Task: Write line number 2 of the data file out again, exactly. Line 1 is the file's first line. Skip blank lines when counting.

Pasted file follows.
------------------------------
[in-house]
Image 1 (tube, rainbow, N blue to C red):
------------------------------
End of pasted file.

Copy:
Image 1 (tube, rainbow, N blue to C red):